Navajo-Hopi Nations,Flagstaff & Winslow News
Wed, June 23

Congressional candidate Q & A: Eva Putzova prioritizes healthcare, a green economy and investing in Native communities

Eva Putzova is a Democratic candidate for District 1, serving the Navajo Nation. The primary election takes place Aug. 4. (Submitted photo)

Eva Putzova is a Democratic candidate for District 1, serving the Navajo Nation. The primary election takes place Aug. 4. (Submitted photo)

FLAGSTAFF, Ariz. — Almost forgotten during the coronavirus, a primary election will be held Aug. 4 for federal and state offices in Arizona.

The congressional race for District One, covering the Navajo and Hopi reservations as well as Flagstaff, will draw plenty of interest as Democrats want to hold onto the seat with the hopes of retaking the House of Representatives. District 1 is also known as a swing district where either Democrats or Republicans are capable of winning.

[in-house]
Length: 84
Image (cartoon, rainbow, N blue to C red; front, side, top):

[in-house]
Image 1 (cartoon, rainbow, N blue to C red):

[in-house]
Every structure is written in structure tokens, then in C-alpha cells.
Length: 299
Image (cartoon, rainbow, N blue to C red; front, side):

District 1 also contains the largest number of Native Americans of any district in America with 12 tribes in the district.

U.S. Rep. Tom O’Halleran will be challenged by Eva Putzova in the Democratic primary while Tiffany Shedd and Nolan Reidhead will battle it out in the Republican primary.

This is the first in a series of articles about the candidates.

Eva Putzova said the top three issues in the district are COVID 19 and health care, investing in Native American communities and supporting the proposed national Green New Deal.


Putzova, a former Flagstaff City Councilwoman, said after talking to voters for 17 months, that nobody could see the COVID-19 pandemic coming, however, the pandemic has shown the need for universal health care. She said Medicare for all would be the best way to get that done.

“Medicare for all would be extremely beneficial to all people who don’t have health care. We definitely need a single payer system. It would be new and expanded care,” she said. “The current system costs us twice as much as any other country in the world.”